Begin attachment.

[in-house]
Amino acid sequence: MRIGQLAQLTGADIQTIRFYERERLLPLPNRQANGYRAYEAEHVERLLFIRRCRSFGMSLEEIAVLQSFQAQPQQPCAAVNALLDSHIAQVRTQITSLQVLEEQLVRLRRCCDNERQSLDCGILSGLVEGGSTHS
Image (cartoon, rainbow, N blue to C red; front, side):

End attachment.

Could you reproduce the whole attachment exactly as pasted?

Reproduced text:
[in-house]
Amino acid sequence: MRIGQLAQLTGADIQTIRFYERERLLPLPNRQANGYRAYEAEHVERLLFIRRCRSFGMSLEEIAVLQSFQAQPQQPCAAVNALLDSHIAQVRTQITSLQVLEEQLVRLRRCCDNERQSLDCGILSGLVEGGSTHS
Image (cartoon, rainbow, N blue to C red; front, side):